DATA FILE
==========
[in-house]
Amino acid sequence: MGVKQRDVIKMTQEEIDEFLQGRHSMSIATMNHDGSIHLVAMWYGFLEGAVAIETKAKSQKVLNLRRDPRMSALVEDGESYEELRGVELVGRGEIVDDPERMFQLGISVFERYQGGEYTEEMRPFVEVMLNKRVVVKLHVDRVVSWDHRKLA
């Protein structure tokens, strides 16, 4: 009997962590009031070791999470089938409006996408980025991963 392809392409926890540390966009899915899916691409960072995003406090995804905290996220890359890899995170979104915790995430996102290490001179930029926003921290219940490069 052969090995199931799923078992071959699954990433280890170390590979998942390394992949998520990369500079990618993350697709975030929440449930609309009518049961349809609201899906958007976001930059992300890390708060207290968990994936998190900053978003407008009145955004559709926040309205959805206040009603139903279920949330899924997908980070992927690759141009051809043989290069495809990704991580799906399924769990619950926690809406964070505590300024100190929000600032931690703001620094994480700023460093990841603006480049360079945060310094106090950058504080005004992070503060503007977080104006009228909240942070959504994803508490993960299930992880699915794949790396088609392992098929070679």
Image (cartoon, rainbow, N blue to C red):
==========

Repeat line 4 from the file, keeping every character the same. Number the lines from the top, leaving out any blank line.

Image (cartoon, rainbow, N blue to C red):